Dear Eric and Becca,

I am so tempted to say “I know how you feel.” But that’s not true. Having been in your situation, I have a good idea what you are going through. I know what my pain felt like. I remember hearing the ER doctor tell me I was miscarrying, that nothing could be done to stop it, and that I should go home and rest—and wanting to rip his heart out, the way it felt that he was ripping mine out. I remember the agony, the confusion, the anger, the emptiness. The hopeless longing that it was all a bad dream. And it’s not hard to imagine that the two of you are feeling some combination of those same emotions.

But I can’t say that I know just how you feel because each loss is different. Each parent is going to grieve in a different way. The two of you, as much as you love each other and as much as you both love that little baby, are going to grieve the loss differently. Some days, Eric will hold you, Becca, when you feel like you can’t go on. Some days, he will not be able to stop crying and you will need to hold him up. You will be strong for each other, even when you feel like you have no strength. That love you share, the love for each other and the love for God, is what will give you that strength.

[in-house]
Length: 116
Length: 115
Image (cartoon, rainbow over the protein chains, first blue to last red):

People are going to give you a lot of advice. You have probably already noticed that.  You are going to hear things ranging from why this happened to how to grieve to when to try again. The advice will come from friends, family, and even from virtual strangers. Some will come from people who have gone through a loss like yours; some will come from people who never have. Please keep in mind that every piece of advice is meant to bring comfort. Some of the words won’t sound very comforting. In fact, some are bound to sound downright hurtful. It took me a long time—months, years in some cases—to move beyond the words and see the kindness at the heart of the one who spoke them to me. I don’t want that for you. My prayer is that you both can keep your eyes and your hearts focused on God through this difficult time, that you can do a better job than I ever did of handing your pain over to Him.

Eric, whenever I think of you, I think of you with a smile on your face. You were always a happy baby boys, smiling and laughing. As a child, you teased everyone. The only time I remember you not smiling was when I “forced” you to dance with me at my wedding. But I don’t think I ever saw a brighter, more radiant smile on your face than the one that was there the moment the church doors opened and you saw Becca in her wedding dress. Becca, the only time I met you was the weekend you married my nephew. It’s been a very long time since I’ve seen a couple as genuinely happy and in love as the two of you. It seems unfair that the strength of your love has to be tested in such a tragic way so early in your marriage. You made the conscious decision to invite God not only to the wedding but into your marriage. And I have no doubt that He will hold you up and give you the strength and peace to come through this challenge.